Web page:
Falling revenues in its core handset business have prompted Nokia’s India subsidiary to pull the plug on the mobile-payment service it launched nationwide last year.
In a March 12 statement, Nokia India Pvt. Ltd. said it is shuttering its financial services in India, effectively pulling away from the mobile-payment service it launched with Yes Bank Ltd. and Union Bank of India Ltd. (see story).
The company instead plans to concentrate on its core businesses, a Nokia spokesperson tells PaymentsSource.
Nokia rolled out its standalone, carrier-agnostic mobile-payment service nationwide in December (see story). It had been conducting field tests with banks across such cities as Pune and Nasik (see story).
“We will continue to provide the service for our customers and would chart a path for the service to be independent of Nokia,” a Union Bank spokesperson tells PaymentsSource.
The service enables customers to make basic point-of-sale purchases, but it did not support advanced banking functions, such as funds transfers. Some 35 billers had participate in the service.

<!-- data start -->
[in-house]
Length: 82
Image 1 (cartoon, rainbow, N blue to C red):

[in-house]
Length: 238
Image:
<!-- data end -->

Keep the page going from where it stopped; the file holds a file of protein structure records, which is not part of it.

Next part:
Nokia had never charged customers to use the service because it views Nokia Money as an incentive to buy a Nokia phone. However, sales instead have fallen, Mrinalini Manral, a banking analyst in Mumbai, tells PaymentsSource.
“It is no big secret that Nokia’s handset business is suffering worldwide,” she says. “This shakeout can be nothing but a result of the downward trend in its fortunes as a handset maker.”
Nokia said in a statement that its 100,000-plus customers in India who use this service will be given ample time to exhaust their accounts and switch to other players that offer mobile payments.
Nokia will provide support to all customers until they exhaust the balance in their mobile wallets and will not levy any transaction charges on them.
The handset maker also will reimburse the registration fee of 30 rupees (6 U.S. cents or 45 euro cents) to each customer. Customers of Nokia Money will start receiving notices March 15 on their account options.
The company plans to remain as an investor in Obopay Inc., it said. Nokia had used Obopay's technology to launch this service in 2010 and reportedly has invested around US$70 million in the company.
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